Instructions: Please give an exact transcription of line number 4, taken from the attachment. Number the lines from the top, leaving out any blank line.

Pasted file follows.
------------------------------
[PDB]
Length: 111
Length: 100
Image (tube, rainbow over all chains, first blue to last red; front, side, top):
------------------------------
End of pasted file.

Image (tube, rainbow over all chains, first blue to last red; front, side, top):